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Hoffmann, R. A wiki for the life sciences where authorship matters. Nature Genetics (2008)

Gentamicin-induced chronotoxicity: use of body temperature as a circadian marker rhythm.

Aminoglycoside antibiotics produce varying degrees of ototoxicity, dependent on dosage time, in animals synchronized for rhythm study. Herein, we illustrate the use of an economical and reliable system to telemeter body temperature of laboratory animals as an endogenous marker rhythm for gentamicin-induced ototoxicity. Two groups of 3 male Sprague-Dawley rats (250-400 gm) were housed in separate cages in a temperature-controlled room programmed with a 12:12 LD schedule and monitored for hearing thresholds at the frequencies of 8kHz, 16 kHz, 24 kHz and 32 kHz at 2-week intervals. Each rat was dosed with 100 mg/kg/day gentamicin subcutaneously for a duration of 28 days. The animals from one group were dosed at their daily temperature maximum, while the animals of the other group were dosed at their daily temperature minimum. Both after 14 and 28 days of gentamicin treatment there was no important changes in auditory thresholds from baseline values when treatment was timed daily to the circadian peak of body temperature. Animals dosed daily at the trough of the circadian temperature rhythm evidenced an auditory threshold shift of between 5 and 25 dB after 14 days of treatment and a total hearing loss (80-90 dB) after 28 days of such treatment. These results document a dramatically greater level of hearing loss induced in those animals dosed with gentamicin at the body temperature trough (diurnal rest span) as compared to those dosed at the acrophase (nocturnal activity span). The findings indicate that the peak and trough of the circadian pattern of body temperature serve as meaningful markers of the resistance and susceptibility, respectively, of gentamicin-induced ototoxicity in rodent models.[1]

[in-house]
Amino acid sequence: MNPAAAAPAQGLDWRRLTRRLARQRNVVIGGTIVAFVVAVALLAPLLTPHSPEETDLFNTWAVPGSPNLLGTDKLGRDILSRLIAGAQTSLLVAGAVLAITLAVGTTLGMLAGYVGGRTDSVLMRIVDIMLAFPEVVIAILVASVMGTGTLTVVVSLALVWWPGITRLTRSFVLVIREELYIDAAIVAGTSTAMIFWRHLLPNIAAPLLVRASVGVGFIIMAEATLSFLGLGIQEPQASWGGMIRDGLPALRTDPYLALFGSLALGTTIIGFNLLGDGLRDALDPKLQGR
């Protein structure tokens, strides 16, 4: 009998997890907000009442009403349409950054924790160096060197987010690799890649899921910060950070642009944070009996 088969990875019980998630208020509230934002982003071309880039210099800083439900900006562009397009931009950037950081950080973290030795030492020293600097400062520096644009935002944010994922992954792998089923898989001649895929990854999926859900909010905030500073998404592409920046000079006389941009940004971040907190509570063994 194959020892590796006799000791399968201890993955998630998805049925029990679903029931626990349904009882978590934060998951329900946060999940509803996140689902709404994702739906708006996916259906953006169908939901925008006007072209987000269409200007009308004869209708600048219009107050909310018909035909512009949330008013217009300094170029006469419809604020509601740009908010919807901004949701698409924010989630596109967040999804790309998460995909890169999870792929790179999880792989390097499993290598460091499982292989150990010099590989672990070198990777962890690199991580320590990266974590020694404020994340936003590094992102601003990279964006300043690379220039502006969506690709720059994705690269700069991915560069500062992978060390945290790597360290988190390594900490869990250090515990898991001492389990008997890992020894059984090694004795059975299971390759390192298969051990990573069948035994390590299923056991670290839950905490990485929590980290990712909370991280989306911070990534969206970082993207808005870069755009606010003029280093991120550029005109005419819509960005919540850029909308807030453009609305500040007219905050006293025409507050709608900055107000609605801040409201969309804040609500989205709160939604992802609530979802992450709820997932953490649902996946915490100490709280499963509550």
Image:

1. Gentamicin-induced chronotoxicity: use of body temperature as a circadian marker rhythm. Soulban, G., Smolensky, M.H., Yonovitz, A. Chronobiol. Int. (1990) [Pubmed]
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